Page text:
Photoresponse performance of the heterostructure at wavelengths of 532 and 1456 nm. (a) Incident power density dependence of responsivity at different Vds. (b) Spectra of current noises at Vds=±5 V. (c) NEP as a function of power density. (d) Specific detectivity versus the incident power density. (e) Time-resolved photoresponse of the heterostructure under 532 and 1456 nm laser illumination. (f) Response time curve of the heterostructure under 1456 nm illumination.

  • Table 1   Table 1 Photoelectric performance comparison of this work with similar vdWH photodetectors previously reported

    Device

    Wavelength (nm)

    Bias (V)

    On/off ratio

    Responsivity (A W−1)

    Detectivity (Jones)

    Response rate

    Ref.

    22 nm BP-12 nm MoS2

    532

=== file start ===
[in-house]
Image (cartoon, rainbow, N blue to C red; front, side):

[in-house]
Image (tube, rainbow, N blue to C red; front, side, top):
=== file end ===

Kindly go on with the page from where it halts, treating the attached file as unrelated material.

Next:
Vds=3

    104

    22.3

    3.1×1011

    [15]

    1.5 nm WSe2-4 nm SnS2

    550

    Vds=−1

    Vgs=−20

    8.2×106

    244

    1.29×1013

    13/24 ms

    [20]

    11.5 nm AsP-10 nm InSe

    520

    Vds=2

    107

    ~1

    ~1×1012

    217/89 μs

    [22]

    NA Bi2Te3-NA WSe2a

    633

    Vds=1

    20.5

    180/210 μs

    [52]

    10.5 nm Bi2Se3-5.6 nm WSe2

    532

    Vds=−5

    7.5×105

    94.26

    7.9×1012

    1.5/0.11 ms

    This work

    22 nm BP-12 nm MoS2

    1550

    Vds=3

    ~10

    0.153

    2.13×109

    15 μs

    [15]

    11.5 nm AsP-10 nm InSe

    1550

    Vds=2

    2.5×103

    ~10−3

    2.74×109

    [22]

    4 nm Bi2Te3-15 nm WS2

    1550

    Vds=1

    1.9×10−3

    2.7×107

    20 ms

    [51]

    NA Bi2Te3-NA WSe2a

    1550

    Vds=1

    27×10−3

    [52]

    10.5 nm Bi2Se3-5.6 nm WSe2

    1456

    Vds=−5

    3.5×104

    3

    2.2×1010

    4 ms

    This work